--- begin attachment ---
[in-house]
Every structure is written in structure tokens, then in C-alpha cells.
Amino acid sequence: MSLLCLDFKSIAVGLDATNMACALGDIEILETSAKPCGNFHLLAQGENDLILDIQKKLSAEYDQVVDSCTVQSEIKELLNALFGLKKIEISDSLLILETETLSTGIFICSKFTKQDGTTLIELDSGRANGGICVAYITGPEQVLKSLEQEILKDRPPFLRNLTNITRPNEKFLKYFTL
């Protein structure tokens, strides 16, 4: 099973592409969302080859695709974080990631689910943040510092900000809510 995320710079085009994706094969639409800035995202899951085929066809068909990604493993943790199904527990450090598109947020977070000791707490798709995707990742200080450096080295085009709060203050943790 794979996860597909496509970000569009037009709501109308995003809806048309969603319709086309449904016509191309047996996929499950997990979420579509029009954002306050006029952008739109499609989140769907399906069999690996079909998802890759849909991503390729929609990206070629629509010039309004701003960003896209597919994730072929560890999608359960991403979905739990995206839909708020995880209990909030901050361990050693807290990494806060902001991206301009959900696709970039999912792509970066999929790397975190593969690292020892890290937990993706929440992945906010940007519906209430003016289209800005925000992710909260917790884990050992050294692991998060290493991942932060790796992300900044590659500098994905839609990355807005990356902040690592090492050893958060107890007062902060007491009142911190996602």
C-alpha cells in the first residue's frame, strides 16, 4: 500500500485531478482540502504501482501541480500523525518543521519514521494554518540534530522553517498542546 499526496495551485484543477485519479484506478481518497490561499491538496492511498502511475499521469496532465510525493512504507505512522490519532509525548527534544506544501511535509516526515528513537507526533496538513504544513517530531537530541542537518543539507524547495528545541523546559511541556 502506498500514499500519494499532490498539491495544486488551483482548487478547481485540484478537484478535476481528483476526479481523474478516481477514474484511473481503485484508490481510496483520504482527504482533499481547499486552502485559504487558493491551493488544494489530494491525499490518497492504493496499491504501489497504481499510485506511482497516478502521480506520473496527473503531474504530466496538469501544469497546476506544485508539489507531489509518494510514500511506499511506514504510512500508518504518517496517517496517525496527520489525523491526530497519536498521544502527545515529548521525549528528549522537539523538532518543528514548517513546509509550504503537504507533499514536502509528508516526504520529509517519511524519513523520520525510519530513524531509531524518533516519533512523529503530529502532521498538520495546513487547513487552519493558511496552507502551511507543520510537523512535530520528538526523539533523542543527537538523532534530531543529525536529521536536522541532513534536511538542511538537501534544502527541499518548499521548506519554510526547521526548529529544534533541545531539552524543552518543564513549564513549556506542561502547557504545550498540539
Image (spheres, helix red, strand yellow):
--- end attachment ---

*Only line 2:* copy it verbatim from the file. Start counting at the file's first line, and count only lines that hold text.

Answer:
Every structure is written in structure tokens, then in C-alpha cells.